Healthy Mind Platter Just as our bodies need greens and protein — among many other things! — to function well, our brains also have daily requirements. Are you getting enough of what your brain needs? To help answer that question, Dr. Daniel Siegel, Executive Director of the Mindsight Institute and Clinical Professor at the UCLA School of Medicine, and Dr. David Rock, Executive Director of the NeuroLeadership Institute, created the Healthy Mind Platter. It is a guide to the essential “nutrients” the brain needs daily to function at its best.
Did you know? This is an SCS-wide initiative!
LINCWell Counsellor Nicole Bryant first heard about the Healthy Mind Platter at a conference in 2015, and felt it would be a great fit for SCS. During the 2016-2017 school year, LINCWell implemented the Healthy Mind Platter across Grades 1 to 12! The program as explained to us by Megan Clay, LINCWell Program Manager Why is the introduction of the Healthy Mind Platter timely?
Dr. David Rock, one of the co-founders of the Healthy Mind Platter concept, has said we are entering ‘an era of an epidemic of overwhelm.’ 10 | Red Blazer Spring 2017
Through the work we do in LINCWell we can see that our girls are stretched — their academic, co-curricular and social lives are very busy. They have many opportunities — but sometimes this can also feel overwhelming because it means mental resources are pulled at, and attention is fragmented as they try to multi-task and deal with a large amount of information. Additionally, they often need help learning how to focus on achieving one thing at a time. We want to encourage our students to stop and recognize when they are feeling too busy or distracted and take a mental break — whether it is taking a mindful minute, getting some fresh air, moving their body, or connecting face-to-face with a friend. Taking small breaks to do something good for mind
and body can ultimately really help our girls to perform to their full potential, and feel good while doing it. What are we hoping for by introducing the concept?
Through the Healthy Mind Platter, we hope that our students will begin to recognize when they are lacking a ‘nutrient,’ and that we have given them the tools and the resources to address this. Many girls have told us that they spend so much time focusing that it feels impossible to achieve proper balance — we want to help them learn ways to take a break from focusing throughout the day. The components of the Healthy Mind Platter help to do this.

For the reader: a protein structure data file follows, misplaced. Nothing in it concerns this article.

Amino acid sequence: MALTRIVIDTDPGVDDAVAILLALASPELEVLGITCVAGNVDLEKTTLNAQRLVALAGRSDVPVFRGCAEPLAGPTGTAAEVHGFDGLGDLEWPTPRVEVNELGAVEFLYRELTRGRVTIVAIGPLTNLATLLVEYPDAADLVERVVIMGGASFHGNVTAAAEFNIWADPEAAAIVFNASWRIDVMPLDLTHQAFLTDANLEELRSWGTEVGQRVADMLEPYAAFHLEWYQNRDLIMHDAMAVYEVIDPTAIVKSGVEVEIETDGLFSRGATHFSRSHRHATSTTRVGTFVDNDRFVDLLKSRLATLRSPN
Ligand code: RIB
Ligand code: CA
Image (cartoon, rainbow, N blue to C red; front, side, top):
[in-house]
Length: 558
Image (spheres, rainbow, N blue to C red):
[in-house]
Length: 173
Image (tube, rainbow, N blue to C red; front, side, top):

TRACKING YOUR DAILY DOSE!
What’s served up on the Healthy Mind Platter? Seven daily essential mental activities to optimize brain matter and help create mental well-being!
The introduction of the Healthy Mind Platter to Upper School girls included time in Homeform to contemplate certain questions. This got them thinking about their daily essential nutrients, and what they need to get more of!
Thumbs Up or Thumbs Down? 1.
Let your mind wander. Don’t think about any particular goal. It helps the brain recharge.
Closely focus on a task or goal. This challenge makes deep connections in the brain.
I usually watch Netflix, read a book, day dream, or listen to music for an hour every night before bed. 2.
Get your Zzzzz! While the brain snoozes, learning is consolidated. Sleep also allows the brain to recover from the day’s experiences.
Sit back, relax, and be spontaneous! Being creative and allowing time to “just play” helps the brain make new connections.
I do my homework or work on-task uninterrupted for at least 40 minutes a day. 3.
I sing, dance, hang out with friends/family, or laugh every day. 4.
Get up and get moving! It strengthens the body, including the brain.
Shhhh. Quiet reflection helps to better integrate the brain. Focus on sensations, thoughts, and feelings.
Connecting with others — in person, not via the screen! — as well as stopping to connect with the natural world (literally stopping to smell the roses).
The Healthy Mind Platter is a daily regimen to follow for mental well-being. Getting enough “servings” of each of seven mental activities strengthens the brain’s external
connections — and our connections with other people. The amount of time spent on each component will vary by individual — no two Platters are exactly the same!
I take a walk in nature, go for lunch with a friend, or have a good chat with someone I love every day. 5.
I am active (break-asweat active!) every day for a minimum of 20 minutes. 6.
I sleep 7-9 hours a night, take naps on the weekend, and/ or feel well rested most days.
How many of these can you give a Thumbs Up to?
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Touched by the bay An homage to James Bay for the control I lost and the courage I gained
Each year, the Alumna Scholar Award, based on character, leadership, scholarship, service, and an essay, is given to a Grade 12 student. The winner is awarded $1,000 towards tuition. This year’s recipient describes how courage helped her to conquer James Bay. Photography by Daniel Ehrenworth Text by Clarisse D’Costa Ulicki ’17
The Bay Trip: a canoe trip revered by some
and feared by others, one I never thought I would complete. Six years ago, after returning home from my first canoe trip, scarred by the overwhelming homesickness and the unknowns of the wilderness, I promised to never return. After being forced on a second trip and hearing the unpredictable adventures experienced by Bay Trippers, I did not think I had the courage or physical strength required to complete such a journey. In all my years of canoe tripping, I never imagined conquering The Bay. As we paddled into the southern tip of the Arctic Ocean, the time nearing four o’clock in the morning, what I was about to accomplish finally hit me. There I was, at the mercy of the Red Blazer Spring 2017 | 13